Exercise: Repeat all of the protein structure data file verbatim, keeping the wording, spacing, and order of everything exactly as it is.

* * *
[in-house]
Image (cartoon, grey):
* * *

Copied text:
[in-house]
Image (cartoon, grey):